Microsoft today is releasing the first version of its Web conferencing software since acquiring the technology...
By submitting your email address, you agree to receive emails regarding relevant topic offers from TechTarget and its partners. You can withdraw your consent at any time. Contact TechTarget at 275 Grove Street, Newton, MA.
when it purchased PlaceWare Inc. earlier this year.
Now rebranded as Microsoft Office Live Meeting, the software will continue to be sold as a hosted service. With this version, Microsoft is touting a Windows client, some improved meeting management and scheduling features and better performance and scalability than the previous version, said Jennifer Callison, the company's director of product management.
The release also boasts about 30 new features, including the ability to scale up to 2,500 for a single meeting or from 2,500 to 250,000 across all meetings, Callison said.
Though the original PlaceWare technology was built on Unix and is hosted, over time it will be developed for the Windows platform, and customers may see a version that allows enterprises to host their own server for management and security purposes, Callison said, though she didn't give a time frame for those advances.
Microsoft's priority for the Web conferencing software is to improve its integration with other products in the Office System suite and with its Live Communications Server, the presence and instant messaging platform. But integration also won't happen until later, she said.
At least one analyst says Office Live Meeting gives Microsoft a running start in the Web conferencing business. Mark Levitt, vice president of the collaborative computing group at International Data Corp., a Framingham, Mass., market research firm, said that Office Live Meeting should be viewed as the first in a number of steps that the software company will take in this area.
There are no blockbuster features in Office Live Meeting, but Levitt said the service is improved in that it's easier to use. The Windows GUI will appeal to customers, because most of their customers are already Office users. That means they will be more likely to use the software, he said.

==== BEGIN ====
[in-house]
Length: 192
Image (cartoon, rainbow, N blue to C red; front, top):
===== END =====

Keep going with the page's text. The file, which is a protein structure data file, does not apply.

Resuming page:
IDC pegs worldwide revenue for Web conferencing at about $570 million this year but predicts it will grow to about $1 billion in 2007. The biggest competitors in this area, aside from Microsoft, are WebEx Communications Inc., IBM Corp.'s Lotus unit, Centra Software Inc., Documentum Inc.'s eRoom unit, Raindance Communications Inc., and others. Also, many of the large companies with collaboration software, such as Oracle Corp., are adding real-time capabilities to their products.
Some early Web conferencing customers like the technology because it gives them a consistent way to get a message across. One major financial company in New York averages about 4,500 Web conferencing sessions a month, or about 190 sessions each day. Many of those sessions are for training.
Wayne Benza, a product manager of collaborative technologies, said his company -- which he asked not be named -- is using a custom, enterprise version of PlaceWare, with its own scheduling engine. The bank developed the platform because it didn't want sensitive financial information on PlaceWare's hosted site for security reasons. Once end users became comfortable using the software for training, they started using it for other applications, such as help desk and server monitoring.
Benza said he probably won't roll out Office Live Meeting for a few years, or at least until Microsoft develops a more integrated collaboration platform.
Gorton's Inc., the Gloucester, Mass., packager of seafood, has also used PlaceWare for more than two years, mostly for training. The company has used the software for about 600 meetings.
Rick Gorski, senior manager of strategic initiatives at Gorton's, said he's certain his company will continue to use Web conferencing, although he's not completely sure which brand he'll settle on for the long term.
Microsoft's Office Live Meeting has several different pricing schemes. There is a Presenter version, which offers presentation tools, allows persistent content, attendance reporting and application viewing. A Premier edition offers those features plus application sharing, scheduling, printing and handouts and recordings.
For concurrent usage, the Presenter version is $75 per user, per month, or 35 cents per minute. The Premiere version is $150 per user, per month, or 45 cents per minute.
FOR MORE INFORMATION:
Best Web Links: Streaming media